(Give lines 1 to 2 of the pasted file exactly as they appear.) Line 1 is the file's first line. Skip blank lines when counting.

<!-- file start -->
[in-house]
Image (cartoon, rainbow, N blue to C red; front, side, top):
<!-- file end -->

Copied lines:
[in-house]
Image (cartoon, rainbow, N blue to C red; front, side, top):